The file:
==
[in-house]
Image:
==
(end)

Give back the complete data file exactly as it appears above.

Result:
[in-house]
Image: